The Boxer is the song I thought of as I was boxing up some goods today. It was the first song I learned to play on the guitar, and my friend Kelly taught me the chords. Thinking back on it, I find there is something interesting in the fact that this song was the first I learned from Kelly and the final stanza really defined her life better than even she could ever have known at age 16 when I was starting my love affair with the guitar.
"In the clearing stands a boxer and a fighter by his trade
And he carries the reminders of every glove that laid him down or cut him
til he cried out in his anger and his shame
I am leaving, I am leaving, but the fighter still remains
Yes he still remains."
Kelly was a fun, full of life girl. She was impatient for life to begin and after high school gave only a cursory try at college. She was smart and could have been anything she wanted to be, but she wanted to just live...she was burnt out on school. She got a job, got a jeep, got a dog and got a boyfriend. Life was good.
I, on the other hand, ran off to college, worked part-time jobs to help make ends meet, stacked up all of my credit hours so I could finish in 2 1/2 years instead of 4, and, well, I guess life was typical.
Some years passed and we saw each other less often. Just before my 24th birthday I received a phone call from another high school chum, Amy. Amy wanted to let me know that Kelly was very sick and was to undergo brain surgery the following day. She gave me the details and encouraged me to call.
Speaking to Kelly on the phone that night broke my heart. Her voice was high and shaky, that of a two-year old's. I wished her a successful surgery and called Amy back. It turns out that in the year or so since I had last seen Kelly, her life had taken a nose dive.
She had been employed as computer operator, and, in those days, that meant hanging computer tapes. Apparently, when she went to take a tape off the top rack, she would pass out. Other things started occurring...weight loss, loss of appetite. She went to the doctor. Testing apparently showed nothing unusual and she was diagnosed as being depressed. This was based on the fact that in the past year, her parents had divorced, her grandmother had died, she and her live-in boyfriend had broken up and her dog had been hit and killed. She was prescribed meds.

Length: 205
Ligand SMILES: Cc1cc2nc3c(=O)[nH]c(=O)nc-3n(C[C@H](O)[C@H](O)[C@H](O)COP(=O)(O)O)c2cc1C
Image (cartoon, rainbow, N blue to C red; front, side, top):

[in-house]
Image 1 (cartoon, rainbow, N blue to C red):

Things got worse rather than better and eventually Kelly was hospitalized...in the psychiatric unit. She was severely depressed and was wheelchair bound by this point. But always, always, she contended that she was depressed because she could not eat without throwing up, not that she was not eating because she was depressed. I'm certain it was horrible for her family to see this formerly extremely athletic woman, shriveled in a wheelchair.
She did not respond to the treatment/therapy at the hospital, and eventually, the doctors informed her parents they wanted to try shock therapy. Kelly pleaded with her parents to believe her...she was not psycho....she was physically sick. Her father called Johns Hopkins and they agreed to admit her.
That was a Monday night and they took with them the CAT scans originally taken at PG Community Hospital some two months earlier. In no time flat, the Johns Hopkins doctors were able to see the tumor on the brain stem of my friend. They wanted to put her through another scan, but she was not able to tolerate it. They decided she must undergo surgery the following day, or she would have not chance of survival. And they knew they were essentially going in "blind," not being able to see the current condition of the tumor's growth. They told her parents that the type of tumor Kelly had was one that is typically only seen in the elderly, and upon which they never operate...the risk of death in surgery is too great. They told her parents that if she survived, it was a high probability, it would be as a blind quadriplegic. But they had faith and signed the papers.
On Wednesday night Amy called to let me know that surgery had gone well, and that Kelly was awake and lucid. The doctors attributed her remarkable results to the fact that she was in such excellent physical condition before the onset of the tumor growth. She had been conditioning for the decathlon. Amy said I should call. I did. The little girl's voice I had heard a couple nights before now replaced with a much more grown-up sounding voice. An angry voice. "They SHAVED MY HEAD" she proclaimed!
Over the next four years, Kelly recovered, relapsed, had drains installed, took steroids, underwent more surgeries....the tumor kept growing back. She was adamant in each subsequent surgery that the doctors were only to shave the part of the head necessary. Each time I saw her, she had the quirky hair cut that was 10 years away from coming into style. She was PUNK.
Shortly before our 28th birthdays Kelly passed away. She had always been a fighter. And she lived every moment of her life, refusing to just lay down and die. She will always be in my mind when I play and sing, The Boxer.